Also found in: Medical.


tr.v. phos·pho·ryl·at·ed, phos·pho·ryl·at·ing, phos·pho·ryl·ates
To add a phosphate group to (an organic molecule).

phos′pho·ryl·a′tion n.
phos′pho·ryl·a′tive adj.
American Heritage® Dictionary of the English Language, Fifth Edition. Copyright © 2016 by Houghton Mifflin Harcourt Publishing Company. Published by Houghton Mifflin Harcourt Publishing Company. All rights reserved.


(Chemistry) chem of or relating to phosphorylation
Collins English Dictionary – Complete and Unabridged, 12th Edition 2014 © HarperCollins Publishers 1991, 1994, 1998, 2000, 2003, 2006, 2007, 2009, 2011, 2014
References in periodicals archive ?
ER stress attenuates the phosphorylative capacity of Akt, which leads to GSK[beta] dephosphorylation and subsequent apoptosis induction [120].
This phosphorylative coding helps shape p65-p50 transactivation selectivity after the transcription factor has translocated into the nucleus [83, 85] guiding it to highly specific genomic targets [86-88].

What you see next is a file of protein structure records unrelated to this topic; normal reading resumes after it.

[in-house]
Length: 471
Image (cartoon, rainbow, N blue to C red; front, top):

The phosphorylative system was affected by both a direct and an indirect effect on the FOF1 ATPase activity.
This aspect is of great importance if one considers that S-nitrosation can convert into S-glutathionylated/disulfide adduct and that this is a well-known mechanism driving signal transduction mediated by phosphorylative cascades [41].
Originally, Gordon and Surrey (1960) found that cells exposure to light of 660 nm showed enhanced ATP synthesis and may alter the phosphorylative capacity in mitochondria upon direct exposure of the organelles in this red wavelength diapason.
As reported by Ulmer and Vallee (1969) lead produced number of metabolic disorders through its effect on mitochondria, which resulted in impaired respiration and phosphorylative capacity.
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